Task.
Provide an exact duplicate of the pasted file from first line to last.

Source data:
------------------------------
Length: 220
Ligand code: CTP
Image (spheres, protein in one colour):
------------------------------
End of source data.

Length: 220
Ligand code: CTP
Image (spheres, protein in one colour):